Celebrated singer-songwriter Joe Purdy in concert, with opening act Brian Wright.
“Gorgeous, beautifully-rendered acoustic-based folk songs—pop music with a gently-rounded edge.”Pop Matters
When Arkansas songwriter Joe Purdy was told to evacuate his California home because of nearby forest fires, he didn’t pack up his dog Smalls and a couple favorite guitars. Instead he sat down and started writing a song: “Warn all the horses, warn all the riders, that the fire is coming down.” He finished the song and the evacuation warning passed. The song is the title track on Eagle Rock Fire, his thirteenth record and is being released on his label Mudtown Crier Records.It turns out Joe Purdy is not easy to evacuate.
“All I want to do is make good music,” says Purdy, age 34, who runs a staunchly independent music career in spite of getting major TV placements and having sold over 1,000,000 singles so far. “Anything that gets in the way of making good music, I cut it out.” On Eagle Rock Fire, he’s taken an analog stance. Not only did he make the record on tape, mix on tape, and cut the lacquer mastered from these tapes, he had all computers removed while recording and mixing down the record. “We didn’t want any screens in the room,” says Purdy. “It allowed us to just use our ears.”
This is Purdy’s second time living in the Los Angeles area. He had moved back to the comfort of Arkansas living, but a couple years ago realized he just couldn’t stay away from a city where people really valued making art. He found himself a hilltop spot surrounded by Pine trees—a place that feels a little like Arkansas in the heart of a creative city—and spent the past few years carefully collecting vintage audio equipment and working with bassist and analog audiophile “Matty D” DelVecchio painstakingly restoring each component. They even got pedal steel guitarist “Jolly” Chris John Hillman—who Purdy met while touring with Billy Bragg—soldering on the porch.
The three are the only musicians featured on the new album, whose songs tell of the life of a country boy living in the city. A song like “L.A. Livin” has Purdy barely holding back starting a bar fight with loud punks not respecting a singer’s performance. In “Ba’ Girl,” Purdy’s heart is broken when a girl runs off to join the Blue Man Group. He sings, “I used to like watching hippies dance till mine traded me in for Burning Man; chances are it wasn’t meant to be. So I’ll keep writing cowboy songs and being me.” Purdy sings what Johnny Cash would if he was 30-something in L.A.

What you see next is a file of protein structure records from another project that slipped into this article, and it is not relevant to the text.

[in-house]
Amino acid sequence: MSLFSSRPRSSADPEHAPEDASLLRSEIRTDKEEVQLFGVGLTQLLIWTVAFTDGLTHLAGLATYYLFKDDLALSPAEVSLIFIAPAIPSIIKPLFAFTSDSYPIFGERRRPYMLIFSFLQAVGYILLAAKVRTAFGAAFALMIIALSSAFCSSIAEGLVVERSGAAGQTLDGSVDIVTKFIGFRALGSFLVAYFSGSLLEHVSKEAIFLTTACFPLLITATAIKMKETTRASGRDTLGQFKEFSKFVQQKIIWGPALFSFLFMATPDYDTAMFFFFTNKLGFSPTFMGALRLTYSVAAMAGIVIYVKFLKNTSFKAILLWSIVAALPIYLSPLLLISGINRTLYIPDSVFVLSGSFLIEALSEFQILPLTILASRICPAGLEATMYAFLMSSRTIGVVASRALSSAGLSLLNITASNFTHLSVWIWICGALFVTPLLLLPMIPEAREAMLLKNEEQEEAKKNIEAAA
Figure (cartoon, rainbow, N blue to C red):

It’s no wonder Purdy did not heed the fire alarms. Finally being able to record music exactly the way he heard it in his head is not something he would let go easily. “I looked outside and didn’t see any fire,” Purdy says matter-of-factly, “so I figured it would probably be alright.” This sober attitude is infused throughout the album and throughout Purdy’s career. He takes the hardworking, practical perspective of living in the country, combined with the highest standards of songwriting.
Opening for Purdy, is Brian Wright whose bare-boned lyrics and achingly beautiful songs that seem both distant and intimate at the same time. Wright new album Rattle Their Chains is also sure to enhance Wright’s reputation as an amazing live performer who doesn’t so much sing his songs as he leans into them, rides them bareback … telegraphs them with the intensity of a Steve Earle and the go-get-’em spirit of locomotive driver feeding one more coal scoop to his steam engine.